Dr. Lee Cartier, Okanagan College
Lee Cartier is a Professor Emeritus at the Okanagan School of Business at the Okanagan College in BC, Canada. His research interests are in the areas of rural entrepreneurship and industry competitiveness.

Chad Douglas, Quails’ Gate Estate Winery
Chad Douglas, Viticulturist at Quails’ Gate Estate Winery, holds a Masters’ of Science degree in Geography from the University of Otago, New Zealand. He has been managing vineyards for the past 15 years in New Zealand, Oregon and now in the Okanagan Valley. Sustainability and innovative vineyard practices have always been central to his management philosophy.

Dr. Tom Forge, AAFC SuRDC
Tom is a research nematologist at the Agriculture and Agri-Food Canada Summerland Research and Development Centre. Tom’s educational background and experience includes a B.Sc. in Biology from Kansas State University, Ph.D. in Plant Pathology from the University of Wisconsin-Madison, and post-doctoral research in Scotland, the Pacific Forestry Centre in Victoria, and Oregon State University. Since joining AAFC in 2001, Tom’s research has ranged from addressing the effects of organic waste-based soil amendments on soil ecology and nutrient dynamics, to integrated root-health management for perennial fruit crops, and the ecology and management of plant-parasitic nematodes. Tom is also Test Site Manager for the Minor Use Pesticides Program at the Summerland Research and Development Centre.

Kellie Garcia, Okanagan Basin Water Board
Ms. Garcia is the Policy Planning Specialist at the Okanagan Basin Water Board, with 15 years of experience in project management, environmental planning, and extension and communication. She is a Professional Agrologist and was manager of the BC Wine Grape Council’s Sustainable Winegrowing British Columbia program for more than a decade. Her current work at the OBWB focuses on advancing drought and flood planning in the Okanagan by promoting best practices, leading technical studies, and improving communication and collaboration. In her spare time, Kellie enjoys hiking, camping, biking, drinking wine and eating local food.

Dr. Kirsten Hanaam, AAFC SuRDC
Kirsten is an agro-ecologist at Agriculture and Agri-Food Canada’s Summerland Research and Development Centre. She studies water, carbon and nutrient dynamics within agro-ecosystems at a range of spatial scales.

Dr. Svan Lembke, Okanagan College
Svan Lembke holds a PhD from the University of Auckland, NZ, and is a professor at the Okanagan School of Business at the Okanagan College in BC, Canada. Her research focuses on technology innovation and business strategy.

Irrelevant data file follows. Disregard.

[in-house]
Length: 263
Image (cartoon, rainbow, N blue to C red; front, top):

Dr. Andrew Midwood, UBC
Andrew Midwood is a research associate at UBC, and has a background in studying soil C cycling in both managed and natural ecosystems. He is currently working on a 5 year federally funded ‘Agricultural Greenhouse Gas Project’ aimed at studying the effects of irrigation on the soils of the Okanagan Valley. He has expertise in the analysis and use of stable isotopes and was originally based in the UK before moving to Canada a few years ago. Andrew has over 20 years of research experience and has collaborated with colleagues from a number of countries including the US, New Zealand, Australia and across Europe.

Dr. Louise Nelson, UBC Okanagan
Dr. Louise Nelson is an Honorary Professor in the Department of Biology, University of British Columbia, Okanagan Campus. She is a soil microbiologist with more than 30 years experience working in the agricultural sector in Saskatchewan and British Columbia. Her research has focused on plant-microbe interactions, plant growth promoting rhizobacteria, biological control of plant fungal pathogens and nitrogen cycling in agricultural soils. She recently led a FAIP study to identify sustainable orchard floor management practices and water delivery systems to optimize water use efficiency and soil health in cherry production as it expands northward in the Okanagan with climate change.

Dr. Mehdi Sharifi, AAFC SuRDC
Dr. Mehdi Sharifi is a research scientist at Summerland Research and Development Centre, BC since 2016. Most recently, for 5 years Dr. Sharifi was Canada Research Chair in Sustainable Agriculture and an Assistant Professor at Trent University’s School of Environment. From 2010 to 2012, he served as the Nutrient Management Research Chair and Assistant Professor at the Environmental Sciences Department of the Faculty of Agriculture at Dalhousie University (formerly the Nova Scotia Agricultural College). Prior to that he did a two-year postdoctoral fellowship at the Organic Agriculture Centre of Canada in Truro, NS, (2008-2010) and a three-year postdoctoral fellowship at AAFC’s Fredericton Research and Development Centre, NB, (2005-2008). Dr. Sharifi’s research activities are focused on sustainable nutrient management for perennial horticultural crops including grapes, apples and cherries. His interests extend to the use and management of cover crops, and soil amendments in horticultural crops.

Dr. Jos̩e Ramon Urbez-Torres, AAFC SuRDC
Dr. Jos̩e Ramon Urbez-Torres is the plant pathologist at Summerland Research & Development Centre.

Dr. Elizabeth Wolkovich, UBC
Elizabeth Wolkovich is an Associate Professor at the University of British Columbia, where she holds the Canada Research Chair in Temporal Ecology. Her research focuses on how phenology shapes plants and plant communities in forest and crop systems. She is particularly interested in how climate change will affect different winegrape varieties, and how shifting varieties may help growers adapt to warming. Winegrape projects in her lab draw on collaborations and data from France, Switzerland, New Zealand, California and British Columbia.